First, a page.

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This stunning Jaguar SUV concept is far more likely to make JLR lots of money. Aimed at rivalling the Audi Q4, BMW X3 and especially the Porsche Macan it should perform well and in a different segment to current Land Rover products. I would certainly buy one. The bad news is that we are unlikely to see one for sale until 2018, with a hot version not to follow until 2019.

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VW ran their diminutive XL electric car up the hill. It looks like the future for urban transport but is very very small and very very expensive.

 

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The new Renault Twingo Sport looks like great fun. Based on the same platform as the new Smart 4-2 it has a rear mounted 1L turbocharged engine. Hot versions later this year should have 140 bhp making the car a mini 911!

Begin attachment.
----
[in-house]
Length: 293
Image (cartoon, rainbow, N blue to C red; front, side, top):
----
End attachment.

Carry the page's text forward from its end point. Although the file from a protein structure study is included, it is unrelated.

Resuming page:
There is always a fine selection of Le Mans sports cars at Goodwood ranging from those from the earliest days of racing to the very latest winning machines.

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Andy Wallace is reunited with his 1988 Le mans winning Jaguar XJR – 9

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This year’s Le man winning Audi e-Tron. Havings stumbled in the early rounds of this year’s World Sports Car championship they managed to win the race that really mattered. Sound familiar Peugeot?

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1970 Ferrari 512, just like in the film Le Mans..

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Mercedes high speed transporter carrying the fabulous Uhlenhaut Coupe (see previous posts from Stuttgart)

 

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This year’s Le Mans Toyota hybrid

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Gorgeous Jaguar D Type Le Mans winners – 55, 56, 57. This Ecurie Ecosse car won in 1957 and provided the design inspiration for the Project 7 Jaguar

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Vast V12 Sunbeam racer from 1920 and even bigger 1911 Fiat